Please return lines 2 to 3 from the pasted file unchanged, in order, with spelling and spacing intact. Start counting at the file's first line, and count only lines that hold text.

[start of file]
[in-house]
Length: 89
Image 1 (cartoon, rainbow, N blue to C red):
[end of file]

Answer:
Length: 89
Image 1 (cartoon, rainbow, N blue to C red):